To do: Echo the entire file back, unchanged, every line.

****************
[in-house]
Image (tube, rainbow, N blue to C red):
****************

[in-house]
Image (tube, rainbow, N blue to C red):